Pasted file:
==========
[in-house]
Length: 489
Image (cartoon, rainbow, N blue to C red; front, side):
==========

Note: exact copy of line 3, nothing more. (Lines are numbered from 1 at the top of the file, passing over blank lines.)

Image (cartoon, rainbow, N blue to C red; front, side):